In a weak market, homecoming costs Lakshmi Mittal Rs 49,670 crore

Arcelor reported a net loss of $539 million for the third quarter which happened to be the second straight quarter in the red
When ArcelorMittal in October last year revised its bid for debt-laden Essar Steel to Rs 42,000 crore, steel prices in the domestic market were peaking with the benchmark hot-rolled coil price hovering close to Rs 46,000 a tonne. 

Thirteen months later as the cloud over the deal is clearing, prices have tumbled by close to 25 per cent.  

In February last year, when the world’s largest steel maker threw its hat in the ring for Essar, steel prices were at Rs 43,000 a tonne, much higher than its current level of Rs 34,000-35,000 a tonne, and the bid amount lower at Rs 35,000 crore. 

But the bid submission set off a chain of court battles and finally ended in a revised bid of Rs 42,000 crore. In the interim, the steel cycle turned. Add to it, the Rs 7,469 crore that Arcelor had to pay to become eligible for the bid under India's insolvency law, and it adds up to nearly Rs 49,670 crore.

ArcelorMittal didn’t comment.

Under the law, Arcelor had to pay Rs 7,469 crore to financial creditors of Uttam Galva Steels and KSS Petron — both defaulting firms — to be considered eligible for Essar Steel. At the time of paying the Uttam Galva debts, ArcelorMittal had said it was considering taking ownership of the company.

Under the Insolvency and Bankruptcy Code (IBC), a promoter of an insolvent company is not eligible to bid for another insolvent company. 

“It's an expensive buy but getting an asset like Essar is virtually impossible. The asset is top of the line,” said Ankit Miglani, promoter of Uttam Galva Steels. 

According to Miglani, the additional payment on account of Uttam Galva and KSS dues was a painful cover charge to enter India. “Though I am grateful, it’s not fair to ArcelorMittal.”

ICRA Assistant Vice-President (corporate sector ratings) Ritabrata Ghosh, however, pointed out that Essar had an effective steelmaking capacity of 9.6 million tonnes. 

“Even if the payment for Uttam Galva and KSS at Rs 7,469 crore is loaded, the cost increases to around Rs 50,000 crore. The per tonne cost of acquisition would be $730 per tonne which compares favourably with Bhushan Steel at $886 per tonne and Bhushan Power (yet to be completed) at $925 per tonne,” he said. 

The high value of stressed steel assets also reflect the uncertainty of putting up a greenfield projects in India apart from the cost which is $1 billion for a million tonne capacity. 

The acquisition, however, is being taken to a logical end at a time when ArcelorMittal, which produces around 5 per cent of global steel, has forecast a contraction in steel demand.

Arcelor reported a net loss of $539 million for the third quarter which happened to be the second straight quarter in the red. According to reports it had idled a series of plants in Europe and recently said that it would retrench nearly 1,000 workers and shut down its Saldanha plant in South Africa which has lost its competitive advantage.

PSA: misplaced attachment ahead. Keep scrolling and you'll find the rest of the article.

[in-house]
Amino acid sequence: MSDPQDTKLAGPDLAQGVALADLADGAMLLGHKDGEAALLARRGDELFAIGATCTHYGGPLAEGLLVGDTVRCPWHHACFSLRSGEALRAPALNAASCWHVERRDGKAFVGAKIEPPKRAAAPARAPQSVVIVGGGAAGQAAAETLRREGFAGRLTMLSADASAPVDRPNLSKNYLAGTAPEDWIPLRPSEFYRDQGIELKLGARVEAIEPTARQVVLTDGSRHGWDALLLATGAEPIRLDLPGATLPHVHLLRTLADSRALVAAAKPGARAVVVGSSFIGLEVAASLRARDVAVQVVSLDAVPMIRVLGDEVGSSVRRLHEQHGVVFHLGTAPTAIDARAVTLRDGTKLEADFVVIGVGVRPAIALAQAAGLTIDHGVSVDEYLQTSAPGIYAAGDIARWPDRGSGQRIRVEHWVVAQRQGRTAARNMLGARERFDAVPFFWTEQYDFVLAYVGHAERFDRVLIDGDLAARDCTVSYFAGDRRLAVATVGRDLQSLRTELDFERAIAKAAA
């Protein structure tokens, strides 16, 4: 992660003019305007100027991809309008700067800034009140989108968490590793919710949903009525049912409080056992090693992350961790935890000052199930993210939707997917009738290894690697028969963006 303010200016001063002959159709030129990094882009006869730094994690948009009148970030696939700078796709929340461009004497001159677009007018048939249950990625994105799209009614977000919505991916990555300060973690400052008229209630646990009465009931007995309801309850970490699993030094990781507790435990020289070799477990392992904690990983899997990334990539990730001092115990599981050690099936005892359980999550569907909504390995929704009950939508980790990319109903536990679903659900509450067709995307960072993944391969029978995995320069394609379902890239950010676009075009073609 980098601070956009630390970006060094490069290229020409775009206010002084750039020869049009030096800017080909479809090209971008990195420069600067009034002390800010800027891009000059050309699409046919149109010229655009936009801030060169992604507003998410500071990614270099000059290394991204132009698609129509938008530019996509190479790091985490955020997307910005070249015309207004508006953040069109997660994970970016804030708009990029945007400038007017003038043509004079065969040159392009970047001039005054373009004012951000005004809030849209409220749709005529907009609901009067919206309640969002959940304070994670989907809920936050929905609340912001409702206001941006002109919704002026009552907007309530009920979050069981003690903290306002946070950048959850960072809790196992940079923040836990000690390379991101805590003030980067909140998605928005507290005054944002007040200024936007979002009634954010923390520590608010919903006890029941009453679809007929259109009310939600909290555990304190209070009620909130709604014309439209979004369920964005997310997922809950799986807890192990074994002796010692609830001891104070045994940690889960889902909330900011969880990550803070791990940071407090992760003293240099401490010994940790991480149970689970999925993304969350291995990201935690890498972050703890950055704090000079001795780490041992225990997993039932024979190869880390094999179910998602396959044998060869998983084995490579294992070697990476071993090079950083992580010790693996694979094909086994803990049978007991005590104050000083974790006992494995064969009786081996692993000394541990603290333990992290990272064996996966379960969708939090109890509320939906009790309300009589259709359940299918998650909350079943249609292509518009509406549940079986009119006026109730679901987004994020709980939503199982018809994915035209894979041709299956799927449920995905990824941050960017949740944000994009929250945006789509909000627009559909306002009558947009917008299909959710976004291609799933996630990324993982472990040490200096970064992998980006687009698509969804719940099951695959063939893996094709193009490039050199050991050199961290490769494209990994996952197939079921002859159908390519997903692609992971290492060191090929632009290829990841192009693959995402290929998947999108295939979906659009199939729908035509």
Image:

Industry sources however pointed out that the Indian market is different. It is a growing market with a low per capita consumption of steel at 70.9 kg against the global average of 224.5 kg. 

Sanak Mishra, who was chief executive officer of ArcelorMittal's India projects when it was still actively pursuing its greenfield plants, said in the last 50 years up to 2018, the Indian steel market had grown 17-fold compared with growth of four times for the world including China.

Even in the worst of times, steel demand is growing by 5-6 per cent, said Ghosh.

Mishra also added that Essar’s Hazira plant was a world-class asset. He had advised Essar Steel for a year. The past two years have been good for Essar Steel. In 2018-19, Ebidta stood at Rs 4,400 crore; in the first quarter of this year it was Rs 1,100 crore and that in the second quarter Rs 750 crore. 

Essar has an effective steelmaking capacity of 9.6 million tonnes with a rich product profile. 

The high-margin plates produced by its plant are used in submarines. Additionally, it has a pellet making capacity of 20 million tonnes, split over 8 million tonnes in Vishakhapatnam and 12 million tonnes in Paradip. Currently 6 million tonnes is operational in Paradip but last mile funding would take it to 12 million tonnes.

The acquisition would immediately make the combine ArcelorMittal and Nippon, the joint venture partner, the fourth largest player in India. “Arcelor and Posco have tried for more than a decade to set up a steel plant in India. Greenfield projects come with its own set of challenges,” said Ghosh.

ArcelorMittal, however, will have to make capital expenditure once it takes over. Its resolution plan has indicated a capital expenditure plan of Rs 18,697 crore to be implemented in two stages over six years. 

Ghosh, however, said that the immediate capex requirement in the near term could be around Rs 3,000 crore which would help Essar bring down operating costs, start operations at the previously won Odisha iron ore mine and fully operationalise the 12-million-tonne Paradip pellet plant.

Also, it would have to settle issues around the Odisha slurry pipeline. Sources indicated that it could extend the lease or a buyout was also possible if debts were paid. The pipeline’s debts could be in the region of Rs 2,000-2,500 crore.

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